For healthcare practitioners working in the field of HIV, the past three decades have been a rollercoaster, says Dr. Julio Montaner, head of UBC’s Division of AIDS and director of the BC Centre for Excellence in HIV/AIDS (BC-CfE). Once a death sentence, HIV is now regarded as a chronic, manageable condition. So much so that on Dec. 1, World AIDS Day, the B.C.-CfE will unveil Healthy Aging With HIV, an initiative to better understand how to maximize the longevity of people living with HIV.
What is the life expectancy for someone who is diagnosed as HIV-positive today?
Over the last decade and a half, life expectancy has increased every three to four years. In the last 12 years we’ve gone from 30 years of additional life expectancy to 40 years, to 50 years. A 20-year-old diagnosed today with recently acquired HIV infection, who immediately starts antiretroviral therapy, will see a life expectancy of another 50 years of near-normal quality.
A natural result of the success of the highly active antiretroviral therapy strategy is that people infected with HIV are aging. It used to be that our patients were young, because the epidemic suddenly affected a number of people in the prime of their sexual life. Now that group is aging. As of this year, it’s estimated that 50 per cent of people with HIV in Canada are over the age of 50.
Do people living with HIV have additional health concerns as they age?
We have seen a dramatic decrease in people progressing to AIDS and dying from AIDS-related conditions. But on the other hand, we have seen an increase in non-AIDS-related illness and mortality: mainly liver disease, often due to hepatitis C infection, cardiac disease, renal disease, chronic obstructive pulmonary disease and arthrosclerosis. There is some indication that HIV itself may affect biological aging. As we all age, the protective ends of our chromosomes—telomeres—shorten. Our team has found early or premature emphysema among HIV-infected people is strongly associated with early shortening of telomeres.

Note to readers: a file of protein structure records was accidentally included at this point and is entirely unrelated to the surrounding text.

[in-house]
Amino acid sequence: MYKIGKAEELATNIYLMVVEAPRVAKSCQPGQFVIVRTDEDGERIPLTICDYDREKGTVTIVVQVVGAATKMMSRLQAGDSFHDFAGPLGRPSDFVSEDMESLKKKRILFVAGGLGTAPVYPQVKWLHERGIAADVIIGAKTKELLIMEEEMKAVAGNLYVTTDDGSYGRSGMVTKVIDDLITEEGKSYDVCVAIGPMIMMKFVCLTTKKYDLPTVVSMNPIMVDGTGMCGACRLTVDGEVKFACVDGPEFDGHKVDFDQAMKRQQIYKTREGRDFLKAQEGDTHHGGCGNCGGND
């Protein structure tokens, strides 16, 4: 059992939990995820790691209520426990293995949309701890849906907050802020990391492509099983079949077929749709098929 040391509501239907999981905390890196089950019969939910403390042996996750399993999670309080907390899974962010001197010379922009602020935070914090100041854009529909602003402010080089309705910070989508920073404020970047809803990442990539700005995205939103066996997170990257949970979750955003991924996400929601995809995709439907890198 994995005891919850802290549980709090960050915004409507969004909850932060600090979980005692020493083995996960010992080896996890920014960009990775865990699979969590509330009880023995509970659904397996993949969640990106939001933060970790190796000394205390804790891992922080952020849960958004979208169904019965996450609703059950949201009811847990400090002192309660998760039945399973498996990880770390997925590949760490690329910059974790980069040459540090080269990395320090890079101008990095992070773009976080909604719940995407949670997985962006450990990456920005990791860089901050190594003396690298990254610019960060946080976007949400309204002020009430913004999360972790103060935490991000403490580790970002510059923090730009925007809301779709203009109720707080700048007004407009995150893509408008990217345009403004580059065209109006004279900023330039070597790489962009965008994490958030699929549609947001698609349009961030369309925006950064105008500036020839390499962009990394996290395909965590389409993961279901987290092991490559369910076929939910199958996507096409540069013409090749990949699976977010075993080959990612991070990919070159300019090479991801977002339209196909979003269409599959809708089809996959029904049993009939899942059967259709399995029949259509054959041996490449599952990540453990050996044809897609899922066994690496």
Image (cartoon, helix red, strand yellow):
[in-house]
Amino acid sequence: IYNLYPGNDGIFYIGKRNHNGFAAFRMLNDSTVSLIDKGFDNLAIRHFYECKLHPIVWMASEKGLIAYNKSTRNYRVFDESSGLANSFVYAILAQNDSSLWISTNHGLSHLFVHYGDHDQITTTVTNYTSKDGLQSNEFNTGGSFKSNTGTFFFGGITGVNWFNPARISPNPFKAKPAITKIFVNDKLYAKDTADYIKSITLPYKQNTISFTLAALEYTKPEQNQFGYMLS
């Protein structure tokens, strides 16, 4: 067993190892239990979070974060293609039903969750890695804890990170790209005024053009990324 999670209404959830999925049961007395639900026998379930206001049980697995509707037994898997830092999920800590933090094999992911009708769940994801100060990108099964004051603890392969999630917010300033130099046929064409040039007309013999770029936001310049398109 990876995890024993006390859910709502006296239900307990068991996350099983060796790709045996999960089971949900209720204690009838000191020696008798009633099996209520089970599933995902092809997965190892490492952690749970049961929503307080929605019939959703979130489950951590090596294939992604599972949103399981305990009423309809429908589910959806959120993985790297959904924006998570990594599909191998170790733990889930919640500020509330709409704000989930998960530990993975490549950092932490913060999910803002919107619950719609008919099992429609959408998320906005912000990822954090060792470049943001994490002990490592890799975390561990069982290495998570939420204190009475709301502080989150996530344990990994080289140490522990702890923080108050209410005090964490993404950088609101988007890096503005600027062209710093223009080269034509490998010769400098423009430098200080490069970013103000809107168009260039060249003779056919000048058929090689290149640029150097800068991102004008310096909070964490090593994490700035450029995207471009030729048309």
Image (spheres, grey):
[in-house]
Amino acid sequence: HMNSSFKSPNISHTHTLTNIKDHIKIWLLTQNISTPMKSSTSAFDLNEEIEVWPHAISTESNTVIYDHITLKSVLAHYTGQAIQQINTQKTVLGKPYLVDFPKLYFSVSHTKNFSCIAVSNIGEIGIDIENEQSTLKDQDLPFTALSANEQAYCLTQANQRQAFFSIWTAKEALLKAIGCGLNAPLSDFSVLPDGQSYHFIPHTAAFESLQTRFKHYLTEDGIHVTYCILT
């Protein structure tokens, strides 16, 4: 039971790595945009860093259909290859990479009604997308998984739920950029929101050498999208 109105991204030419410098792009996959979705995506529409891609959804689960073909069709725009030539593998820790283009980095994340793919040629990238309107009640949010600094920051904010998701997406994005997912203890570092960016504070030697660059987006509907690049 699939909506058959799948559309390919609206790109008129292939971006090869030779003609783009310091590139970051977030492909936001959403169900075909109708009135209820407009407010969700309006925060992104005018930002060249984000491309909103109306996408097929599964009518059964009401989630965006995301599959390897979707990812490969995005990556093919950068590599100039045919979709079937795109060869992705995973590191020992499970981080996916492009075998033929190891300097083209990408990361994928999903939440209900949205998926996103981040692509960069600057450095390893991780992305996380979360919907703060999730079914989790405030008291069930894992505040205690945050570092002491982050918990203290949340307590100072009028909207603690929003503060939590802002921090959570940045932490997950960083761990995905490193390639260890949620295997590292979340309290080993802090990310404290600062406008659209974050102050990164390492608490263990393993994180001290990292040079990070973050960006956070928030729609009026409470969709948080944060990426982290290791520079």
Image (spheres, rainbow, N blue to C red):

Another factor may be the medications that we use to treat HIV. While modern regimens are quite safe, earlier treatments did have significant potential for the development of diabetes, renal dysfunction and osteoporosis. Exposure to those early life-saving drugs may have promoted accelerated aging that we unfortunately may not be able to turn around.
It’s also important to note that often the same underlying risk factors that facilitate the acquisition of HIV go hand-in-hand with risk factors for other conditions. For example, injection drug users have higher risk of Hepatitis C and people who have multiple sex partners are more likely to use recreational drugs, alcohol and to smoke. Thus, lifestyle modification plays an important role in the management of HIV infection today.
Is society ready to support them?
I think I need to be clear that the stigma, discrimination and the issues associated with an HIV diagnosis have improved over the last three decades, but they are still present. That’s illustrated by what happened to Charlie Sheen. For a number of years he was trying to conceal his HIV diagnosis and paid tons of money to do so, because he feared that if his HIV diagnosis was revealed it would totally change his ability to work and relate to others.
Think about a loved one with HIV going into a seniors’ home. I think it’s going to take some effort to ensure that society embraces seniors with HIV just as they embrace seniors with hypertension. And frankly, it’s a lot easier to look after somebody with HIV who has been undetectable for 30, 40 years than it is to take care of somebody with Alzheimer’s. Of course, there will be people with HIV who also have Alzheimer’s. HIV adds a level of complexity, but it’s totally doable. I think that the bigger issue is how we address stigma and discrimination in the context of HIV.
Do people living with HIV face greater socioeconomic challenges as they age?
I remember vividly in 1996, with the breakthrough of HAART (highly active antiretroviral therapy) treatment, that when we began telling people, “You’re not going to die from AIDS,” oftentimes the news was received with mixed emotions. It was: “You told me I was going to die! What do you mean? I have no future, nowhere to go, I stopped paying taxes, I stopped contributing to my pension.” People from those early days had to readjust and go back into the workforce and it became very complicated.
But in the last decade, we quite readily tell people, “You have HIV, it’s no different than hypertension, diabetes or asthma. We’re going to manage this with you. You’re going to be fine, your children are going to be fine, you’re going to have a virtually normal life. Go to school, get qualified, work, contribute to your pension, pay your taxes.” Today, we view it as a chronic manageable condition.